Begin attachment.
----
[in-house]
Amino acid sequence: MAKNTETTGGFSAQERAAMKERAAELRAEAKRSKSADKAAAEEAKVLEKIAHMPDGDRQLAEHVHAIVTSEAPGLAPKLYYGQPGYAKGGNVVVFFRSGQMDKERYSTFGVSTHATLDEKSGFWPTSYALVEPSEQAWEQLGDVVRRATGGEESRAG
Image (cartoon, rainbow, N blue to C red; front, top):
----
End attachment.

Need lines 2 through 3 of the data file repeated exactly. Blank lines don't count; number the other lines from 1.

Amino acid sequence: MAKNTETTGGFSAQERAAMKERAAELRAEAKRSKSADKAAAEEAKVLEKIAHMPDGDRQLAEHVHAIVTSEAPGLAPKLYYGQPGYAKGGNVVVFFRSGQMDKERYSTFGVSTHATLDEKSGFWPTSYALVEPSEQAWEQLGDVVRRATGGEESRAG
Image (cartoon, rainbow, N blue to C red; front, top):